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ARS Home » Northeast Area » Beltsville, Maryland (BARC) » Beltsville Agricultural Research Center » Genetic Improvement for Fruits & Vegetables Laboratory » Research » Publications at this Location » Publication #344418

Research Project: Potato Genetic Improvement for Eastern U.S. Production

Location: Genetic Improvement for Fruits & Vegetables Laboratory

Title: Genetic variance partitioning and genome-wide prediction with allele dosage information in autotetraploid potato

Author
item Endelman, Jeffrey - University Of Wisconsin
item Schmitz Carley, Cari - University Of Wisconsin
item Bethke, Paul
item Coombs, Joseph - Michigan State University
item Clough, Mark - North Carolina State University
item Da Silva, Washington - Cornell University - New York
item De Jong, Walter - Cornell University - New York
item Douches, David - Michigan State University
item Frederick, Curtis - University Of Wisconsin
item Haynes, Kathleen
item Holm, David - Colorado State University
item Miller, J. Creighton Jr - Texas A&M University
item Munoz, Patricio - University Of Florida
item Navarro, Felix - University Of Wisconsin
item Novy, Richard - Rich
item Palta, Jiwan - University Of Wisconsin
item Porter, Gregory - University Of Maine
item Rak, Kyle - University Of Wisconsin
item Sathuvalli, Vidyasagar - Oregon State University
item Thompson, Asunta - North Dakota State University
item Yencho, G. Craig - North Carolina State University

Submitted to: Genetics
Publication Type: Peer Reviewed Journal
Publication Acceptance Date: 2/27/2018
Publication Date: 5/1/2018
Citation: Endelman, J.B., Schmitz Carley, C.A., Bethke, P.C., Coombs, J.J., Clough, M., Da Silva, W., De Jong, W.S., Douches, D.S., Frederick, C.M., Haynes, K.G., Holm, D.G., Miller, J., Munoz, P., Navarro, F.M., Novy, R.G., Palta, J.P., Porter, G.A., Rak, K., Sathuvalli, V., Thompson, A.L., Yencho, G. 2018. Genetic variance partitioning and genome-wide prediction with allele dosage information in autotetraploid potato. Genetics. 209:77-87. https://doi.org/10.1534/genetics.118.300685.
DOI: https://doi.org/10.1534/genetics.118.300685

Interpretive Summary: In the past, advances in important traits in potato breeding, such as yield, specific gravity, and color of processed product (chips or fries), have traditionally been made through the selection of parents based on their appearance or measurable characteristics. However, we know that the expression of traits is due to genetics, environment, and genetics x environment interactions. Faster progress would be possible if selection could be practiced on the genetic component alone. In this study, we have shown that genetic selection is superior to tradtional selection alone in increasing gains for the traits evaluated. This information will enable plant breeders of all crops to improve their breeding efficiency in development of improved varities.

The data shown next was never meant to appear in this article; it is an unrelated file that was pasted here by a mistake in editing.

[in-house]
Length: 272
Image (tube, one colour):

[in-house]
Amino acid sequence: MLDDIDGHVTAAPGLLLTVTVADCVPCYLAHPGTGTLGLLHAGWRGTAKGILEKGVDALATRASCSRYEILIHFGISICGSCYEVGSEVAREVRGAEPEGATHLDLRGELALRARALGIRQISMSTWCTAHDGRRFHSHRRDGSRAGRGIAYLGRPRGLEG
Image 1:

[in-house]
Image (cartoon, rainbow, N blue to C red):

Technical Abstract: Potato breeding cycles typically last 6-7 years because of the modest seed multiplication rate and large number of traits required of new varieties. Genomic selection has the potential to increase genetic gain per unit of time, through higher accuracy and/or a shorter cycle. Both possibilities were explored using a training population (TP) of advanced chip (N = 365) and russet (N = 179) processing clones, evaluated for total yield, specific gravity, percent oversize and fry color across multiple years at one location. Potato clones were genotyped with an array of 8303 SNP markers, of which 5278 with accurate tetraploid dosage were used to construct additive and dominance relationship matrices for mixed model analysis. Dominance variance was most important for total yield and percent oversize, with values comparable to the additive variance. The expected reliability of genomic-estimated breeding values (GEBV) within the TP was 0.4–0.5 for yield and 0.5–0.6 for specific gravity, exceeding the narrow-sense heritability by 0.1–0.2. This indicates parent selection using GEBV would increase genetic gain over phenotypic selection under the current breeding cycle. Four unselected F1 populations were used as validation sets to estimate prediction accuracy under a two-year breeding cycle. GEBV reliabilities were much lower than for the elite panel: 0.15–0.19 for yield and 0.01–0.16 for specific gravity. Random sampling of clones established that accuracy should continue to increase as larger TPs become available. Further research is needed to determine the optimal allocation of resources for a potato breeding program utilizing genomic selection.